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Database Provider

Author

New York Botanical Garden

Grades

K, 1st, 2nd, 3rd, 4th, 5th, 6th, 7th, 8th

Subjects

Science, Health

Resource Types

  • Lesson Plans
  • Activity - Classroom
  • Activity - Outdoors
  • Worksheets
  • Articles and Websites
  • Videos, 1 minute, 44 seconds, CC, Subtitles

Regional Focus

North America, United States, USA - Northeast, New York, New York City

Format

PDF

School Gardening Part 6: Food and Nutrition

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Synopsis
  • In this session, students learn how food originates from plants, how to identify plant parts, which parts we use for food, how to read and interpret a nutrition label, and the importance of plant variety in a healthy human diet.
  • The resource includes a lesson plan about identifying plant parts from produce, a lesson plan about nutrition labels, a tip sheet for writing recipes, a checklist for garden-based kitchen tools, a teacher exercise for themed gardens, a teacher resource about botany, and a link to the USDA dietary guidelines.
Teaching Tips

Positives

  • This lesson inspires healthy eating habits for students.
  • Students will love getting outside, harvesting food, and cooking recipes.
  • Students learn to read nutrition labels, which is an important life skill.

Additional Prerequisites

  • This resource is the last part of the six-part series called School Gardening 101 by The New York Botanical Garden. Part One is an introduction, Part Two is about soil, Part Three is about selecting and starting seeds, Part Four is about seedlings, and Part Five is about preparing the garden for winter.
  • For the Pass the Plants, Please! Lesson students will need various store-bought produce items like seeds, fruits, and vegetables. Teachers can provide these, or each student can bring one in from home.
  • The listed materials for the Nutrition Comparison lesson plan are not integral to the lesson. If teachers do not want to provide broccoli, cauliflower, and potato chips, students can easily find these nutrition labels online.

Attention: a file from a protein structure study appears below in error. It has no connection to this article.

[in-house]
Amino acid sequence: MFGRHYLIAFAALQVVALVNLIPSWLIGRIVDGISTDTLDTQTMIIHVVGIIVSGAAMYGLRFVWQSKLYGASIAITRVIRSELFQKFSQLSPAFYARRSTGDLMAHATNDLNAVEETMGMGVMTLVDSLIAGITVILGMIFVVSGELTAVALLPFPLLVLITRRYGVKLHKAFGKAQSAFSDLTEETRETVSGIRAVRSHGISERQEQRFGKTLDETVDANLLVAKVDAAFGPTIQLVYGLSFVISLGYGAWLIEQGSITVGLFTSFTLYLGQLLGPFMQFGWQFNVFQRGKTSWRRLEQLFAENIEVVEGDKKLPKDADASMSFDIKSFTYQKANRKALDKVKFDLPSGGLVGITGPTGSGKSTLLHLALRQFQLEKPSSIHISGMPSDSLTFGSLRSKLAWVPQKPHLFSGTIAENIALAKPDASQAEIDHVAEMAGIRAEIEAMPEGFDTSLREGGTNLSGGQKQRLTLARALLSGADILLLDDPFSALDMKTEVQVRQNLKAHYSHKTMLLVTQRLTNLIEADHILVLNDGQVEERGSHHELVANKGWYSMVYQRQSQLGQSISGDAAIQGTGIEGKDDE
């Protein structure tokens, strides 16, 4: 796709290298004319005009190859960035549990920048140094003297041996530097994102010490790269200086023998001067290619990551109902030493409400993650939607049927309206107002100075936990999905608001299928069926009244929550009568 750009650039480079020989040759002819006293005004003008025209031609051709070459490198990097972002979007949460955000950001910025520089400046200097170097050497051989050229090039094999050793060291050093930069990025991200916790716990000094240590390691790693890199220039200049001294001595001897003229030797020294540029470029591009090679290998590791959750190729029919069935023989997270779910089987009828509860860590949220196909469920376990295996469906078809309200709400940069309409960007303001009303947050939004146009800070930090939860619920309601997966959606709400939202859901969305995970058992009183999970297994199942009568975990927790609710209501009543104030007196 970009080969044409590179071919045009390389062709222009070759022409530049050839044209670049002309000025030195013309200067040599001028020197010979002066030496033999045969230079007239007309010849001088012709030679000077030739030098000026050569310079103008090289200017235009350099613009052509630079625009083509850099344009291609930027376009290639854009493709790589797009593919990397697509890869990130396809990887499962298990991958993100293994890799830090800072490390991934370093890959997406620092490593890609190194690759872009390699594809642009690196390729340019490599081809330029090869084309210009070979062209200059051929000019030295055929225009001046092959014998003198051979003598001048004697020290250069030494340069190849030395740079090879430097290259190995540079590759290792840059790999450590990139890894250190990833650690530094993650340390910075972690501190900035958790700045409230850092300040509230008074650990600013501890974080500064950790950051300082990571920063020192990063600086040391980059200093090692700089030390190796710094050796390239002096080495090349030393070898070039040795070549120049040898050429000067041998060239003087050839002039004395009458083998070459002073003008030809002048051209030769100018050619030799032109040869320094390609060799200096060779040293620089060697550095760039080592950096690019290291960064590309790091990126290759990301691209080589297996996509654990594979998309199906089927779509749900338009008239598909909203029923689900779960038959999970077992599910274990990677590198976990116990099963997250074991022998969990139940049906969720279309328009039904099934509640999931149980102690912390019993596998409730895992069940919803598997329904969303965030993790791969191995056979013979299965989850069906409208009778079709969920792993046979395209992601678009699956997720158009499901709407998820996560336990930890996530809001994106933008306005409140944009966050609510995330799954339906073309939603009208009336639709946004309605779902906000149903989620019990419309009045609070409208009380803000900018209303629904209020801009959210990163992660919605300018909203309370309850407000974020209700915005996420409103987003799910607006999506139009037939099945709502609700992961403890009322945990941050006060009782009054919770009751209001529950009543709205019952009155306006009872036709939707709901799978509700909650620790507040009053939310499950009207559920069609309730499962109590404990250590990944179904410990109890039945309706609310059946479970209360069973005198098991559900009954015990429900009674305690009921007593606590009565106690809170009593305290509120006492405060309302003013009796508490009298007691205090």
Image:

• The Martha Stewart link for juicing citrus in the Tip Sheet: Utensil/Pantry Checklist is broken.

Differentiation

  • Teachers can make cross-curricular connections with math in the Nutrition Comparison lesson when graphing and comparing.
  • To extend the Pass the Plants, Please! Lesson students can assess their diets to determine what parts of plants they eat regularly. Classes can create graphs and charts to depict the parts of plants and amounts their class eats.
  • Using the How to Write a Recipe tip sheet, students can write a recipe for a plant they love to eat. As a class, students can create a cookbook or recipe blog with Google Sites.
  • Classes can explore how culture intersects with nutrition. Students can be encouraged to share about their cultural foods.
Scientist Notes
This resource from the New York Botanical Garden provides teachers with a food and nutrition lesson. The resource includes a brief (~2 minute) video that discusses school gardening. Also in this resource are lesson topics, tip sheets, and teacher exercises and resources. The resource is well-researched and sourced from credible sources.
Standards

This resource addresses the listed standards. To fully meet standards, search for more related resources.

  • Science
    • LS1: From Molecules to Organisms: Structures and Processes
      • 4-LS1-1. Construct an argument that plants and animals have internal and external structures that function to support survival, growth, behavior, and reproduction.
  • Comprehensive Health & Physical Education
    • Physical Wellness
      • 2.2.2.N.2: Explain why some foods are healthier to eat than others.
  • English Language Arts
    • Writing (K-12)
      • W.WR.1.5 With prompting and support, generate questions through shared research about a topic and determine possible sources to obtain information on that topic.
  • Related Resources

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